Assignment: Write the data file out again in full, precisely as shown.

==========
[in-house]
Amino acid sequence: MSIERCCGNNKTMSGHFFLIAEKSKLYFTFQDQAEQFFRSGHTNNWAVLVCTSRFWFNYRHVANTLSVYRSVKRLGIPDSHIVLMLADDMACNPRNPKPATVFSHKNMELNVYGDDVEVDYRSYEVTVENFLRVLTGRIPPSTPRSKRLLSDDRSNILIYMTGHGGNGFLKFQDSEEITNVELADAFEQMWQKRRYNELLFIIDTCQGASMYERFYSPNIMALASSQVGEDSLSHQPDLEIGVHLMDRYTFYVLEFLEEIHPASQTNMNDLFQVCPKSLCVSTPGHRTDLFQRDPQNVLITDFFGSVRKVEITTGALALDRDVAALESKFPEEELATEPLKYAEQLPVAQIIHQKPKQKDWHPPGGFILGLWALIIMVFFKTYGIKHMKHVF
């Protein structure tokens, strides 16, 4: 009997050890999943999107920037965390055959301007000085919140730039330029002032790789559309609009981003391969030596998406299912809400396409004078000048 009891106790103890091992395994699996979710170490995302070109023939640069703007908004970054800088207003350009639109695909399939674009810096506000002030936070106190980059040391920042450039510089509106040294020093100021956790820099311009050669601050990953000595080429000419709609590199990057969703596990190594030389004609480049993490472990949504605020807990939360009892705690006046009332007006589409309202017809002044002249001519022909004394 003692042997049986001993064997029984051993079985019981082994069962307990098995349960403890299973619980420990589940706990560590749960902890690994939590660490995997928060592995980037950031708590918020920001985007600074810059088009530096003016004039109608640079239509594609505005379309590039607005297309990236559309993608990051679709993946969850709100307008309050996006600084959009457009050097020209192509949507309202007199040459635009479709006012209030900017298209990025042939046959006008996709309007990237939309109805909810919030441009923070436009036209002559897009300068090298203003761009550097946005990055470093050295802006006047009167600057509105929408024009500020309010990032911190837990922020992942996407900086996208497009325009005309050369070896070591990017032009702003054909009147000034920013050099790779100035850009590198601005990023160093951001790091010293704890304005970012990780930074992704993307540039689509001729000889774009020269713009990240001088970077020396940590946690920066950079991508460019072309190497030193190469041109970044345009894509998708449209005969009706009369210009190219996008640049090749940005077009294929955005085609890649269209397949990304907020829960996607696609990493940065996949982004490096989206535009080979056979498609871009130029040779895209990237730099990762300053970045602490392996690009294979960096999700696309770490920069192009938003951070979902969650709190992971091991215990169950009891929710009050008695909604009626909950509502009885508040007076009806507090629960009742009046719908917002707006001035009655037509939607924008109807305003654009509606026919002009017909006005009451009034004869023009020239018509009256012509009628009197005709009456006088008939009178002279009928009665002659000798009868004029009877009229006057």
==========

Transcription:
[in-house]
Amino acid sequence: MSIERCCGNNKTMSGHFFLIAEKSKLYFTFQDQAEQFFRSGHTNNWAVLVCTSRFWFNYRHVANTLSVYRSVKRLGIPDSHIVLMLADDMACNPRNPKPATVFSHKNMELNVYGDDVEVDYRSYEVTVENFLRVLTGRIPPSTPRSKRLLSDDRSNILIYMTGHGGNGFLKFQDSEEITNVELADAFEQMWQKRRYNELLFIIDTCQGASMYERFYSPNIMALASSQVGEDSLSHQPDLEIGVHLMDRYTFYVLEFLEEIHPASQTNMNDLFQVCPKSLCVSTPGHRTDLFQRDPQNVLITDFFGSVRKVEITTGALALDRDVAALESKFPEEELATEPLKYAEQLPVAQIIHQKPKQKDWHPPGGFILGLWALIIMVFFKTYGIKHMKHVF
């Protein structure tokens, strides 16, 4: 009997050890999943999107920037965390055959301007000085919140730039330029002032790789559309609009981003391969030596998406299912809400396409004078000048 009891106790103890091992395994699996979710170490995302070109023939640069703007908004970054800088207003350009639109695909399939674009810096506000002030936070106190980059040391920042450039510089509106040294020093100021956790820099311009050669601050990953000595080429000419709609590199990057969703596990190594030389004609480049993490472990949504605020807990939360009892705690006046009332007006589409309202017809002044002249001519022909004394 003692042997049986001993064997029984051993079985019981082994069962307990098995349960403890299973619980420990589940706990560590749960902890690994939590660490995997928060592995980037950031708590918020920001985007600074810059088009530096003016004039109608640079239509594609505005379309590039607005297309990236559309993608990051679709993946969850709100307008309050996006600084959009457009050097020209192509949507309202007199040459635009479709006012209030900017298209990025042939046959006008996709309007990237939309109805909810919030441009923070436009036209002559897009300068090298203003761009550097946005990055470093050295802006006047009167600057509105929408024009500020309010990032911190837990922020992942996407900086996208497009325009005309050369070896070591990017032009702003054909009147000034920013050099790779100035850009590198601005990023160093951001790091010293704890304005970012990780930074992704993307540039689509001729000889774009020269713009990240001088970077020396940590946690920066950079991508460019072309190497030193190469041109970044345009894509998708449209005969009706009369210009190219996008640049090749940005077009294929955005085609890649269209397949990304907020829960996607696609990493940065996949982004490096989206535009080979056979498609871009130029040779895209990237730099990762300053970045602490392996690009294979960096999700696309770490920069192009938003951070979902969650709190992971091991215990169950009891929710009050008695909604009626909950509502009885508040007076009806507090629960009742009046719908917002707006001035009655037509939607924008109807305003654009509606026919002009017909006005009451009034004869023009020239018509009256012509009628009197005709009456006088008939009178002279009928009665002659000798009868004029009877009229006057």